Underfloor heating has always been desirable for the scope and flexibility which it provides for interior design considerations.
The introduction of many fixing systems has ensured that it can be used in a broad scope of applications, even in areas previously deemed as not suitable for underfloor heating systems. Tradtionally popular for new screeded solid floors, we can now site hydronic underfloor heating almost anywhere – on upper floors and in existing properties, as well as in new builds; and increasingly, we also use it as part of a total solution.
A large proportion of the project enquiries at Myson involve the use of underfloor heating in combination with other technologies, such as radiators, fan heaters and electric heating. It has become very commonplace, for example, to install underfloor heating on the ground floor with radiators for the upper floors.
Underfloor heating has both domestic and commercial applications, with huge benefits for each. It has certainly grabbed the imagination of the rapidly growing self-build market, as the end-user has the option of using ready sourced single room packs which provide the installer with everything they need to install a screed floor hydronic underfloor system in one purchase. This is a cost effective and simple solution to equip getting a single room with underfloor and is also proving very popular for extensions and conservatories.
However, new build is certainly not losing any ground, as developers consider underfloor more frequently as a routine option. Solid or screeded floors are still a very popular and straightforward option. Hydronic pipe is laid in a looped pattern on insulation above damp-proof and protective layers which cover the sub base. The pipework is anchored using a suitable anchorage system such as Myson’s Tackernail fixing system, before a screed is laid over the pipework to complete the installation.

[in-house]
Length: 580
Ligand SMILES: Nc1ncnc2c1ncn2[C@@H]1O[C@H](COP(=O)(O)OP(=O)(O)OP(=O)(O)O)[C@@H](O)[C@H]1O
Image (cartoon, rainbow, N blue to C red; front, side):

However, we can also fit underfloor heating over suspended floors, using pre-grooved aluminium diffuser plates to carry the pipework and spread the warmth evenly across the floor and into the space above. This involves cutting small notches in the joists to accommodate the grooves for the pipework.
We also have a very good option for the floating floor, which has a low thermal mass and offers a swift response time to changes in temperature. In these applications, the hydronic pipework is laid in aluminium diffusion plate, within grooved extruded polystyrene panels, with the grooves spaced at 200mm intervals and pre-grooved turning channels for the pipework.
Retrofitting underfloor has relatively recently become a very viable option, thanks to the arrival of Myson Microboard which, at just 18mm deep, carries hydronic pipe such as Myson’s PexCellent pipe, without causing any significant change to the floor height. This also dramatically reduces installation time and labour costs, making underfloor a very attractive method in many more applications, especially in established properties.
However, it’s not just the fixing systems that are a vital component in an underfloor heating system. The use of controls are also vitally important to get the most out of the system. Each system requires at least one manifold, control centre, wiring centre, actuators and thermostats, with the underfloor heating manifold being the central point, responsible for distributing mixed water provided by the manifold control centre to each heating circuit.
For further details about Myson’s comprehensive portfolio of solutions, visit www.myson.co.uk or contact Sean Leonard on 0044 7766 730 559 or Alun Coulter on 0044 7766 730 684 or visit